Access, Reimbursements Looming Issues in Debate on Dental Care
More than $130 million in Denti-Cal funds over the past seven years went unspent by the state and was reallocated to the federal government, despite a shortage of dental services for low-income residents in California, the Sacramento Bee reports. Denti-Cal is offered through Medi-Cal, California's Medicaid program.
Stan Rosenstein, director of Medi-Cal, said the refund to the federal government came after the state completed a prepaid contract with Delta Dental, a private health plan that administers Denti-Cal.
Rosenstein added, "Over the course of a seven-year contract, (Delta Dental) has been paid $131 million more than their costs, so the state recovered the money."
Liz Snow, chief strategist for the California Dental Association, said the state is exacerbating a shortage of dental care for Denti-Cal patients because Denti-Cal reimbursements are about one-third of payments for dental services from private insurers.
The low reimbursement rates have caused the 6.5 million enrollees in Denti-Cal to have "an exceptionally difficult time" finding a dentist who will treat them," Snow said.
Rosenstein said the state "didn't lose" the Denti-Cal funds that were reallocated to the federal government. He added that the state will recapture the funds "when we spend money on other things" in Medi-Cal.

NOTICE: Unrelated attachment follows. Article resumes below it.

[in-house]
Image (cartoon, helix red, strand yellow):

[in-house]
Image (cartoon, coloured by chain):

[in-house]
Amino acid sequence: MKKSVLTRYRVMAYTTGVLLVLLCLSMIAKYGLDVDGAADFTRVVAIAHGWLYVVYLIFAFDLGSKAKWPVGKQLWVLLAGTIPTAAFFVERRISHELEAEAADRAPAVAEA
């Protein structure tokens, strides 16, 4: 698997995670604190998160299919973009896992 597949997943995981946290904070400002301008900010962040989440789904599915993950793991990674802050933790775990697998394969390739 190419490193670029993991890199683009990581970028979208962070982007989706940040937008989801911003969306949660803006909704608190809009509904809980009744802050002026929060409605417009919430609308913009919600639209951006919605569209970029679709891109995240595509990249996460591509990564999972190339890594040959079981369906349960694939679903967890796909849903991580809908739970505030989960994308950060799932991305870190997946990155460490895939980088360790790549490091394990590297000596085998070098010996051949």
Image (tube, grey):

Rosenstein said that all states are having access problems because of a shortage of dentists and low reimbursement rates. However, he noted that California is one of just a few states that offer dental coverage to adults and that Denti-Cal recently expanded the services that it covers.
Wynne Grossman, executive director of the Dental Health Foundation, questioned the value of expanding the number of services covered, arguing that the shortage of providers mitigates the value of covering additional services.
In addition, dental health advocates are urging lawmakers to incorporate measures to improve access to dental care into health care reform proposals under consideration (Rojas, Sacramento Bee, 7/3).